• 8 March: An Argentine military aircraft crashes after take off from El Alto International Airport in La Paz, Bolivia, killing all six people on board. The aircraft was a Learjet 35A.
  • 13 March: The ice bridge of the Perito Moreno Glacier ruptures approximately at 11 p.m., after several days of minor activity that attracted thousands of tourists. (La Nación, Daily Mail)
  • 15 March: Governor of Santa Cruz, Sergio Acevedo, resigns "for personal reasons" in the midst of a scandal over illegal detention of oil union workers. (La Nación)
  • 19 March: Top officers of the Navy are found to be involved in a vast espionage operation that included dossiers on Minister of Defense Nilda Garré, her children and their regular activities, personal information on the President, data on social activists, etc., as well as files related to the last dictatorship that the Navy had previously denied to possess. The President orders the removal of several officers and shuts off the whole Intelligence Division of the Navy. (Página/12, La Nación, Clarín)
  • 21 March: The Environmental Assembly of Gualeguaychú, Entre Ríos, lifts the blockade of Route 136 that leads to Uruguay, which had started 45 days before in protest for the installation of cellulose plants on the Uruguay River. (La Nación)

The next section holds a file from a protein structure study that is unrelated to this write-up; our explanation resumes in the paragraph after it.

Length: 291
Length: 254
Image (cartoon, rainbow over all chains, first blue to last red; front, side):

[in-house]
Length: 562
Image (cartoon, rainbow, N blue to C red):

• The national government cancels the concession with Aguas Argentinas (of the Suez Group) for the provision of water to Buenos Aires and its metropolitan area, over low quality of services and other contractual breaches. (Clarín)
  • 24 March: Events throughout the country commemorate the 30th anniversary of the coup d'état that started the military dictatorship of the Proceso de Reorganización Nacional. The date was declared a public holiday this year.
    • Declassified documents in the U.S. reveal that the Argentine military acknowledged 22,000 kidnappings and/or killings between 1975 and mid-1978. (La Nación)


  • 3 April: The government of Buenos Aires City shuts down 18 clandestine clothing sweatshops that employed around 300 Bolivian immigrants under conditions of near-slavery, following widespread accusations. (La Nación)
    • The city of Tartagal, Salta, becomes practically isolated from the rest of the province after weeks of increased rainfall cause the Tartagal River to destroy or severely damage access roads and bridges. (La Nación)
  • 20 April: Around 60% of the population of San Salvador de Jujuy (some 200,000 inhabitants) are left without water by the collapse of a master pipe. The city government delivers bottled water to affected neighbourhoods. (La Nación)